Why systems and not just the goals? Because my friend Courtney recently shared an article that made some sense to me which essentially says we might be more successful if we establish systems rather than goals - you can find the article here.
Data. So, I'm a data geek, and I love numbers and spreadsheets. I also want a nifty way to show people how I'm doing in achieving my goals (really systems but I have to make them into goals for everyone else to understand and track, and I'm not too intimidated by big goals after having done Ironman twice). So, at the risk of exposing myself as too much of a data nerd, here is a Google spreadsheet that the whole world can view, and maybe even off-world beings if they have access to our interwebs, where you can track my progress on the big goals. I even opened it up for commenting, so have at it!
And now, what you've been waiting for... here are my big goals (really systems):
- Complete 1,000 miles of fitness. This can include running, walking, swimming, and maybe some biking though I will avoid using biking/cycling too much because then the goal would be too easy to game. My friend Rob just completed his 1,000 miles of running goal for 2013. I liked that idea, but I wanted to be inclusive of other sports. Again, my goal is more to establish a regular system of fitness where I am eager to achieve a daily/weekly goal of miles. This will be new to me because usually I use a specific race as an end goal for fitness. Now, I want to try to achieve fitness just for fitness' sake.
- Don't eat processed junk food. So, I'm not really going to track this one, but I generally want to get into the habit of not reaching for sweet or salty junk food that is processed. I really don't even like it that much, so why do I continue reaching for it? Because the food industry has made it addictive. If you read closely, you know there is a big loophole here, but I think it's a good one - I can still eat homemade junk food. This is great because I love baking, so I can still try my creations and be polite by eating other people's creations, and not deprive myself so much that I end up binging anytime the will power slips for a second (aka, I have a glass of wine).
- Limit virtual connection time to make more time for real conversation and partaking of actual life. I've become more and more concerned about the impact of us being ultra-connected. It looks like a few other folks are starting to recognize this and put it into better words. This is an excellent video about how we are more connected yet more alone - yes, it's almost 20 minutes long, but I was pretty much glued to the screen after about 6 minutes (a bit of a slow lead up, but well worth it). So, how am I going to work toward this? I already downgraded my phone to an old-fashioned flip phone with no data. Strange, but true. I actually feel more free when I'm out of the house with no internet access. I still have my wireless iPad mini as a crutch, but I usually don't carry it. What else? Only check social media 3 times per day. When possible (depending on work issues), only check email 3 times per day. Start my day listing what I need to achieve before coming anywhere close to the interwebs and email. I had a bit of debate with myself about whether to put this goal in HEALTH or DISCOVERY. I ended up with HEALTH because I think it will help so much with mental and social happiness that the DISCOVERY benefits will just feel like gravy.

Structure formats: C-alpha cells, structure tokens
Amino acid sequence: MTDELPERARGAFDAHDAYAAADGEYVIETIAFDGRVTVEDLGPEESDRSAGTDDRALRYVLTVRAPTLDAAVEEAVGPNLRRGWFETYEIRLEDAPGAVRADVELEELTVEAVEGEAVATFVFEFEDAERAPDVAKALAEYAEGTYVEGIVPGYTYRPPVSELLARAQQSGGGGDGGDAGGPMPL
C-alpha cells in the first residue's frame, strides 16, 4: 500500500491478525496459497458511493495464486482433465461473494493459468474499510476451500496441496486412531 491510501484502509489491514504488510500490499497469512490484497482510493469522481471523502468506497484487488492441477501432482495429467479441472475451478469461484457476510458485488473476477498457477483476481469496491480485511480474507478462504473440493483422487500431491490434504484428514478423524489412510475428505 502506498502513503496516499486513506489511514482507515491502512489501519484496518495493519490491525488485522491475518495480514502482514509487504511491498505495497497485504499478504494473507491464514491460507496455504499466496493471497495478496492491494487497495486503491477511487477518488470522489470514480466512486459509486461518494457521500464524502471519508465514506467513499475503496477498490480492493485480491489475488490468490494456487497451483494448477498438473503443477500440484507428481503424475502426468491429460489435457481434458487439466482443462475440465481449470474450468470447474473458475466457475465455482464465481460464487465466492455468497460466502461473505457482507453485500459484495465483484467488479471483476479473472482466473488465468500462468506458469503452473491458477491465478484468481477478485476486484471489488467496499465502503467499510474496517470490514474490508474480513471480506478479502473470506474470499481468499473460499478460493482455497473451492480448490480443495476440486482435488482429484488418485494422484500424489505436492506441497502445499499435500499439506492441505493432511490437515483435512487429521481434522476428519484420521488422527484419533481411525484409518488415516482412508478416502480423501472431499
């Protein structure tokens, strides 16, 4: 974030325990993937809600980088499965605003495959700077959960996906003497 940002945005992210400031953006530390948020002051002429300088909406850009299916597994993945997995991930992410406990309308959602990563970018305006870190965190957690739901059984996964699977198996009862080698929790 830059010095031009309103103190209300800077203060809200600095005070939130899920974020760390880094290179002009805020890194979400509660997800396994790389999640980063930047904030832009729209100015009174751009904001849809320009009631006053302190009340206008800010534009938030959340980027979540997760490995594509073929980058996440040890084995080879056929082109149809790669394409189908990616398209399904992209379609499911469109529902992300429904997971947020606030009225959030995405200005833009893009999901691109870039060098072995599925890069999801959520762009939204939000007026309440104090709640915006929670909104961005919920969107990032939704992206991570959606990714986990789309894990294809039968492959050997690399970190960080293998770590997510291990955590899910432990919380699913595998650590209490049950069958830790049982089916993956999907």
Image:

- Write for 1 solid hour per week. You are witnessing the result of most of the first hour of this goal. How does it feel to be a part of the madness? Anyway, I've always wanted to experiment more with writing, and I've read several articles/blogs that mention a key part of being a writer is just getting the words out - and, a simple, achievable way to do that is to simply require yourself to write every day. I'm not trying to quit my day job, so I'm going to start out with just one solid hour per week, and see how that makes me feel through the year. The writing does not have to be toward any particular purpose (like blogging), but can be anything - stream of conscious, stories, work-related, etc. As long as I am close to constant-writing during that block of time.
- Release at least 1 crochet pattern per month on Ravelry and Etsy. For a couple of years now, I've been selling patterns though not very seriously. As I released a few more and opened my Etsy shop, I realized that this hobby could actually contribute more to my income which is great because I actually love all the aspects of this small business (like social media marketing, etc.). The primary limit of this area of potential is simply the number of patterns that I have available. So, by releasing at least one pattern per month, I can gradually grow this business while keeping it enjoyable. Oh, and writing patterns does not count as writing time - it's much more mathematical and spacial conception applied to paper, not creative writing.
So there you have it. My big, fat Greek-American goals for the year 2014. Let me know what you think. Cheers and Happy New year!